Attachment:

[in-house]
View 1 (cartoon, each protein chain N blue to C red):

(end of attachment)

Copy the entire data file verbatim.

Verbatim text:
[in-house]
View 1 (cartoon, each protein chain N blue to C red):